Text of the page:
Objective: The study was conducted to explore the effects of EGb 761 (Dr. Willmar Schwabe GmbH & Co. KG, Karlsruhe, Germany) on neuropsychiatric symptoms (NPS) and cognition in patients with mild cognitive impairment (MCI).
Methods: One hundred and sixty patients with MCI who scored at least 6 on the 12-item Neuropsychiatric Inventory (NPI) were enrolled in this double-blind, multi-center trial and randomized to receive 240 mg EGb 761 daily or placebo for a period of 24 weeks. Effects on NPS were assessed using the NPI, the state sub-score of the State-Trait Anxiety Inventory and the Geriatric Depression Scale. Further outcome measures were the Trail-Making Test (A/B) for cognition and global ratings of change. Statistical analyses followed the intention-to-treat principle.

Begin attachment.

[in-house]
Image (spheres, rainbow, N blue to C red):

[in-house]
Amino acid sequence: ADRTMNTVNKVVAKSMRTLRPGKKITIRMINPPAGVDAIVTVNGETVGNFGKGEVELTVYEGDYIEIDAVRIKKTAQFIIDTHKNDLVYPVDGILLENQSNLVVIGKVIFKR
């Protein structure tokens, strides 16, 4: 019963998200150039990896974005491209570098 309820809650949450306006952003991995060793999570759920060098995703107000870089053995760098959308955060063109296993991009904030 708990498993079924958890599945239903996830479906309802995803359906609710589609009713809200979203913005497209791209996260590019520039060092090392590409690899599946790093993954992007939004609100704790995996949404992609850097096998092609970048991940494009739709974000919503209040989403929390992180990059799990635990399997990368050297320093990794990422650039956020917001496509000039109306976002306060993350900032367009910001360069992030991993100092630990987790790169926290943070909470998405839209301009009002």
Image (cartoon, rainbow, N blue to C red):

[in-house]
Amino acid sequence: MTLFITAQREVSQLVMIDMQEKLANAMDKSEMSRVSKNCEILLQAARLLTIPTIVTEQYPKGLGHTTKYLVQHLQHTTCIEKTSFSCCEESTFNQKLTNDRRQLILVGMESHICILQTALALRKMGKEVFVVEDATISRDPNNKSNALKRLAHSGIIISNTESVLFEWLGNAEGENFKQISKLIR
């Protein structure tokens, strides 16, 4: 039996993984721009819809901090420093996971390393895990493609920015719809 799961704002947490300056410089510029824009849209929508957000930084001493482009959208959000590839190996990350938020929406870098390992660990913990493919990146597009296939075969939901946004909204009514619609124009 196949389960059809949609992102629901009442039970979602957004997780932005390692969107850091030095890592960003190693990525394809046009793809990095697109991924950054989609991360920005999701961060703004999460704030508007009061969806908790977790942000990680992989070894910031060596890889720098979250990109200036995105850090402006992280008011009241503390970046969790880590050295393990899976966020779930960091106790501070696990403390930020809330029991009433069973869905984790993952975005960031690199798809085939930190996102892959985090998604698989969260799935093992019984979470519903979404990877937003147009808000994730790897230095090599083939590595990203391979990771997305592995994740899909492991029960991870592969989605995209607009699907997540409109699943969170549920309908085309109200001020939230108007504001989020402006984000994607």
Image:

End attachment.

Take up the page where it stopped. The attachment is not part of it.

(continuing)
Results: The NPI composite score decreased by 7.0 ± 4.5 (mean, standard deviation) points in the EGb 761-treated group and by 5.5 ± 5.2 in the placebo group (p = 0.001). Improvement by at least 4 points was found in 78.8% of patients treated with EGb 761 and in 55.7% of those receiving placebo (p = 0.002). Superiority of EGb 761 over placebo (p < 0.05) was also found for the State-Trait Anxiety Inventory score, the informants' global impression of change, and both Trail-Making Test scores. There were statistical trends favoring EGb 761 in the Geriatric Depression Scale and the patients' global impression of change. Adverse events (all non-serious) were reported by 37 patients taking EGb 761 and 36 patients receiving placebo.
Conclusions: EGb 761 improved NPS and cognitive performance in patients with MCI. The drug was safe and well tolerated.
Keywords: EGb 761®; Ginkgo biloba; behavior; executive function; mild cognitive impairment; neuropsychiatric symptoms.
Copyright © 2014 John Wiley & Sons, Ltd.